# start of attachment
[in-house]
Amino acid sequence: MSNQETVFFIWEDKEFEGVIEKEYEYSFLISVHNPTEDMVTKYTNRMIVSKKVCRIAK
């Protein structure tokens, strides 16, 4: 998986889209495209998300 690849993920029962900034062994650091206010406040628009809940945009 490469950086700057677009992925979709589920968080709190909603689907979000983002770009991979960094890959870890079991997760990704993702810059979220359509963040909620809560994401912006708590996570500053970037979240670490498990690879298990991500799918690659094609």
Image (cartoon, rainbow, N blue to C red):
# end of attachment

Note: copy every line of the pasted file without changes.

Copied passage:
[in-house]
Amino acid sequence: MSNQETVFFIWEDKEFEGVIEKEYEYSFLISVHNPTEDMVTKYTNRMIVSKKVCRIAK
């Protein structure tokens, strides 16, 4: 998986889209495209998300 690849993920029962900034062994650091206010406040628009809940945009 490469950086700057677009992925979709589920968080709190909603689907979000983002770009991979960094890959870890079991997760990704993702810059979220359509963040909620809560994401912006708590996570500053970037979240670490498990690879298990991500799918690659094609």
Image (cartoon, rainbow, N blue to C red):